Acute pain in the Achilles should not be ignored. Rest to allow the pain to settle and return to running gradually, without causing further pain. Persistent symptoms should always be assessed by a physiotherapist to enable return to running quickly and avoid further injury to the tendon.

Plantar fasciitis

The plantar fascia is a band of soft tissue running from your heel to the base of your toes. Its purpose is to provide support and protection to the arch of your foot.

Plantar fasciitis is a condition where this tissue becomes inflamed. It's characterised by pain under your heel tracking into the arch of your foot. The pain is often worse on initial walking or running and often goes away as the tissue ‘warms up’.

Pain is often persistent and can become too painful to run on. It can be caused by training overloads (spikes), poor fitting footwear or changes in running surface. Treating this early helps with quicker outcomes, so don’t ignore and see a physiotherapist to establish the best treatment options.

Hints and tips to help stay injury free

Avoiding injury can be difficult when training for a marathon. The repetitive nature of the exercise, the high loads your body’s tissues experience and the sheer amount of training needed, makes it difficult to stay injury free.

However, there are some good habits and training techniques that can support you and give you the best chance to stay injury free.

  • Follow a well-structured training programme. This should be spread over a long period, enabling you to gradually increase your training load (mileage), enabling you to gradually build fitness, preparing your body for race day
  • Avoid training spikes. Follow your structured plan and listen to your body. Over-training is one of the main causes of marathon training injuries. It's important that your programme gradually builds your mileage or time on your feet. Muscles and tendons tend to respond well to gradual increases in training load and often don’t cope well with significant changes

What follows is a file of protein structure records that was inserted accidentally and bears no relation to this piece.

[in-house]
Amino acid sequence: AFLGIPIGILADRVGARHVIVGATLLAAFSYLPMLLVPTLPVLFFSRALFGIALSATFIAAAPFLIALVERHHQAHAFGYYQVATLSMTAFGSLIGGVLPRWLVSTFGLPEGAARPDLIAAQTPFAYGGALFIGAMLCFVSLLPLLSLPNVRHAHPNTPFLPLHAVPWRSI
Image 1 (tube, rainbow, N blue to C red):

• Incorporate strength training into your programme. Evidence supports the use of strength training for endurance performance. In other words, runner shouldn’t just run to improve, they need to lift some weights. Evidence is strongly supporting strengthening in endurance athletes and shows good support for its use in injury prevention
  • Eat a balanced diet. Nutrition is also vital to fuel our body for the stress of training. Marathon training will consume vast amounts of energy, so make sure you are replacing this. A balanced diet is key, including good amounts of carbohydrates (for energy) and protein (for soft tissue repair)
  • Recover well. Rest is essential for the body to recover from training. This is when your body adapts and repairs itself from the rigours of exercise. Make sure your plan incorporates this and listen to your body. Good quality sleep is also vital to recovery and overall wellbeing. The average adult should get 8 hours sleep per night. Make sure your room is dark, noise free and a cool temperature for the best sleep.

Following the good habits and training advice above can best prepare your body for the training ahead, but it's important to realise this is not a guarantee. Injuries happen and it is about how we treat these and recover, will ultimately help keep you on track and achieve your goals.

If you're concerned about a persistent pain, or want to ensure you avoid injury by training in the best way for your body, our physiotherapists can help.

Last updated Wednesday 31 August 2022

First published on Wednesday 31 August 2022